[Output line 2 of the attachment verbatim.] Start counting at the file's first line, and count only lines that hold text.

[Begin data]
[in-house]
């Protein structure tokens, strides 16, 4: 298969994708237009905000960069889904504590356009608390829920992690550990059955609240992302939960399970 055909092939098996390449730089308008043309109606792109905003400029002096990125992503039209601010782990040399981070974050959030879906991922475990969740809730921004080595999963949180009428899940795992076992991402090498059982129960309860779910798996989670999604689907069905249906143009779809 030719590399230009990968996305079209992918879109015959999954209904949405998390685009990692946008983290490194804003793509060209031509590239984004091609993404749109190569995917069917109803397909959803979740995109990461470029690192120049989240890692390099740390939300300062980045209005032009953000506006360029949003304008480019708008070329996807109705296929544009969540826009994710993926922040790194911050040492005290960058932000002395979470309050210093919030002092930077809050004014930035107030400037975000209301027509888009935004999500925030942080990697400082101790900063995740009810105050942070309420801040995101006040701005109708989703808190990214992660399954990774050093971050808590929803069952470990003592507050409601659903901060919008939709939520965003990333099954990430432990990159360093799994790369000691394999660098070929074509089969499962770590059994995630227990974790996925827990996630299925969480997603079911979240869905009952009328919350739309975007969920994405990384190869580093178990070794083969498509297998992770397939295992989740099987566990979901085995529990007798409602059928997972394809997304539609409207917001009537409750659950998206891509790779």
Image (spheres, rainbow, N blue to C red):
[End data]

């Protein structure tokens, strides 16, 4: 298969994708237009905000960069889904504590356009608390829920992690550990059955609240992302939960399970 055909092939098996390449730089308008043309109606792109905003400029002096990125992503039209601010782990040399981070974050959030879906991922475990969740809730921004080595999963949180009428899940795992076992991402090498059982129960309860779910798996989670999604689907069905249906143009779809 030719590399230009990968996305079209992918879109015959999954209904949405998390685009990692946008983290490194804003793509060209031509590239984004091609993404749109190569995917069917109803397909959803979740995109990461470029690192120049989240890692390099740390939300300062980045209005032009953000506006360029949003304008480019708008070329996807109705296929544009969540826009994710993926922040790194911050040492005290960058932000002395979470309050210093919030002092930077809050004014930035107030400037975000209301027509888009935004999500925030942080990697400082101790900063995740009810105050942070309420801040995101006040701005109708989703808190990214992660399954990774050093971050808590929803069952470990003592507050409601659903901060919008939709939520965003990333099954990430432990990159360093799994790369000691394999660098070929074509089969499962770590059994995630227990974790996925827990996630299925969480997603079911979240869905009952009328919350739309975007969920994405990384190869580093178990070794083969498509297998992770397939295992989740099987566990979901085995529990007798409602059928997972394809997304539609409207917001009537409750659950998206891509790779």